A sequence over a finite alphabet (one- or two-sided, though I'll show only the one-sided case) x1, x2, ... is called recurrent if every word w=xm...xm+l-1 that appears in it once appears in it infinitely often.
That is, for every N there exists k>N for which w=xk...xk+l-1.
Every periodic sequence is recurrent. Every recurrent sequence is strongly recurrent (but the converse is of course false). See that node for examples of (strongly) recurrent sequences that are not periodic.
To generalize, note that a finite alphabet has only a single metric topology; two sequences are close if they share a long common initial prefix.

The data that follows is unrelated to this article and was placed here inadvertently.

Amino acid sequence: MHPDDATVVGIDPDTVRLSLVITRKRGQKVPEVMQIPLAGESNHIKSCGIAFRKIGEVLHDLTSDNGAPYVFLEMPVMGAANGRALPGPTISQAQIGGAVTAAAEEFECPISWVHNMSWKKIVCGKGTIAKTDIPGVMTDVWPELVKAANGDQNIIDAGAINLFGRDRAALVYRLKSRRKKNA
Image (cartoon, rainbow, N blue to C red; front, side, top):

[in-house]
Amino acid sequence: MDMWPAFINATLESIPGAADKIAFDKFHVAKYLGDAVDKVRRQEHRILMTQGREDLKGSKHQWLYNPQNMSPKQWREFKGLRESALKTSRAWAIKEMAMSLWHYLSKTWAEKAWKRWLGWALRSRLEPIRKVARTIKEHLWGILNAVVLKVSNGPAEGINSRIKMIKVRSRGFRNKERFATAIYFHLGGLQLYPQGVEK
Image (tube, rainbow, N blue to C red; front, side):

So we can use a more interesting space by adding in a metric. A sequence x1, x2, ... over any metric space X (again, one- or two-sided, but I'll only show the one-sided case) is called recurrent if it approaches itself infinitely often, that is if for every n and ε,
d((xn, xn+1, ...), (xn+k, xn+k+1, ...)) ≤ ε
for infinitely many values k.
In other words, if the trajectory of a point x visits any point σnx, then it visits any neighborhood of x infinitely often.